Acting like high-rise timeshares in the sea, shipwrecks and other artificial reefs can support dense populations of sharks, mackerels, barracudas, jacks and other large migratory marine predators essential to ocean health, according to a new study.
Browsing: Travel & Tourism
The director of legal affairs and advocacy for Africa Network for Animal Welfare discusses the most pressing issues affecting animals across Africa and the receptiveness of African political leaders to animal protection concerns.
The pandemic has revealed the truth about Thailand’s unsustainable and exploitative elephant tourism sector — and a chance to rethink the relationship between humans and elephants.
In a survey of over 300 conservationists in 85 countries, 70 percent report critical work has been postponed or canceled.
As many elephant owners in Asia are left without income from tourism, they are turning to breeding their elephants.
The carcasses of more than 400 elephants have been discovered in Botswana and nobody yet knows what’s killing them. The government appears to be dragging its heels in pursuit of answers.
Sustainable use has ensured the international commercialization of biodiversity, and determined that price and trade be the arbiter of what value each species holds.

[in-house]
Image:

Are we headed towards a world without lions in the wild? In an interview with author Sara Evans, we discuss the threats lions face and why we should have hope that these big cats will persist.
Capturing and confining dolphins and orcas in restrictive concrete pools is killing them—physically and psychologically. Don’t support captive animal entertainment.
The “big five” wildlife species were chosen by trophy hunters based on the species most difficult to kill. The New Big 5 will be based on the animals most popular to photograph, and advocates for compassion and conservation.
Automobile traffic can be a huge threat to wildlife. In an interview, we learn what one state is doing to reduce the number of animals killed by vehicles.
COVID-19 has forced the world to reconsider its relationship with wild animals, but South African legislation is increasingly pointing in the wrong direction. It urgently needs a rethink.